In a consolidating market place, those who do it best will be those who survive
By Dave Wooldridge
You have a great opportunity to distinguish your shop from the rest of the shops doing business in your market area. How? By winning Automotive Rebuilder’s "2001 Machine Shop of the Year" competition.
Entry forms for this year’s competition are available on the Web at www.automotiverebuilder.com, or by calling any of the Automotive Rebuilder staff members, including me; Jenna Bates, managing editor; or Doug Kaufman, senior executive editor, at 330-670-1234. Entries must be postmarked no later than May 4.
If your entry is selected as the winner, you will receive: airfare to this year’s Engine Rebuilders Association’s (AERA) International EXPO 2001 being held in Orlando, FL, at the Orange County Convention Center June 21-23; hotel accommodations for two nights while in Orlando; an award plaque and a check for $500 given during a special presentation at AERA’s EXPO proceedings; and, courtesy of AERA, a copy of its PROSIS engine specification, identification and technical bulletins software, or free quarterly updates for one year if you already own PROSIS software.
In a market place characterized by demands for low pricing and highest quality products and services, brand identification by the customer allows you to sell your shop services and products as more than just commodity items.
Previous winners of Automotive Rebuilder’s "Machine Shop of the Year" award, including last year’s winner, Rob Monro, of Valley Speed Machine Shop, Kamloops, British Columbia, Canada, will testify to the benefits in name recognition, prestige and, ultimately, more business, that this award carries with it.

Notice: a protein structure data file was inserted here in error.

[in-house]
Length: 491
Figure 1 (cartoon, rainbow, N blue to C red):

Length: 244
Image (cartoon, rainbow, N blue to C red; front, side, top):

In a business climate where it’s estimated the average person is hit with thousands of advertising messages daily, building a brand that your customers and prospects identify with could not be more important.
In a recent conversation with a shop owner about consumers’ perspectives on purchasing machine shop services or a rebuilt engine, he succinctly said, "There are few things that rank higher on a consumer’s ‘Discontent List’ than going to the dentist or needing vehicle repair work."
Hey, when it comes to having my engine block’s cylinders bored and honed or having the same process done in what dentists euphemistically refer to as a "root canal job," I know which "shop" I’d prefer to park my money in.
Seriously, though, our market is presently weeding out the weak brethren. The survivors will be those businesses whose name carries brand loyalty, and that comes not only with quality parts and service, but also quality marketing.
Dave Wooldridge is the Associate Publisher and Editor of Automotive Rebuilder magazine. He has covered the rebuilding industry for the past 16 years. You may e-mail Dave at email@example.com.